the requirement is reduced to a two month notice.

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A lease for a term is also known as a tenancy for years. Both a term lease and a tenancy
for years involve a lease for a fixed term. The phrase “tenacy for years” is archaic and confusing
and I will not be using it in this Tract Book.
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In Pennslvania, by statute there has been a requirement that notice must be given to
terminate a tenacy for a term. Such an approach is at best confusing, at worst, wrong. Only a
periodic tenancy requires notice for termination. The Pennsylvania approach is an anomoly.

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Technically, the notice required to terminate a periodic tenancy must be

made so that it is effective on and for the last day of the particular lease period in

question. For example, let us that the tenant has a month to month tenancy. The

current date is the 15th day of June. The tenant might incorrectly assume that the

lease can be terminated with one month notice as of the 14th day of July. In fact

where rent is due and payable on the first of the month, the “period” of the periodic

tenancy is assumed to run from the first day of the month to the last day of the

month. So, if, as above the tenant decides that hae4 wishes to terminate hae

tenancy as soon as possible from the 15th of June, hae will have to give notice of

termination for one month corresponding with the next full lease period, which in

this case is the month of July. Thus notice would be required for July 31, the last

day of the full July lease period.

The area to be discussed is that of assignment and sublease. Both an

assignment and sublease flow from the original lease, sometimes referred to as the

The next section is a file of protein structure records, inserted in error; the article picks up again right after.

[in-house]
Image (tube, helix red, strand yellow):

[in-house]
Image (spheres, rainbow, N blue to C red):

master lease. In the case of an assignment, the entire remainder of the lease term

is contractually “assigned” by the primary tenant or “master tenant” to the second

“assignee” tenant. The effect of an assignment is that there is “privity of estate”

between the primary landlord and the assignee-tenant, so that covenants relating to

4
“Hae” is the neuter pronoun for a person and is used instead of “he” or “she.”

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land found in the original lease can be directly enforced by the primary landlord

against the assignee-tenant, with the primary tenant being involved.

In the case of a “sublease” some time at the end of the lease is retained as a

“reversion” by the primary tenant. For example, the original lease between the

primary landlord and the primary tenant runs from July 1, 2005, to June 30, 2006.

The primary tenant goes into possession on July 1, 2005. On August 1, 2005 the

primary tenant decides to “sublease.” The primary tenant then “subleases” the

leased premises to the subtenant for the period running from August 1, 2005, until

June 1, 2006. Since the month of June 2006 is retained as a reversion by the

primary tenant, the legal effect of the second “lease” is a sublease not an

assignment. In the case of a sublease there is no privity of estate between the

primary landlord and the sublessee. Only covenants found in the sublease can be

enforced directly against the sublessee, and only by the sublessor.

There also exists what I describe as a “sidelease.” A sidelease is a lease

between the primary tenant, and a secondary tenant who moves in as a “roommate,”

while the primary tenant still stays in possession of hae room, with the entire leased

premises, except for the bedrooms, considered common areas. The law of

sideleases is undeveloped. If both the primary tenant and the secondary tenant sign

the lease with the primary landlord, then, essentially, both tenants become

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“primary” co-tenants, as tenants in common. On the other hand, if the second

tenant does not sign the primary lease, and the second lease is for a full term, then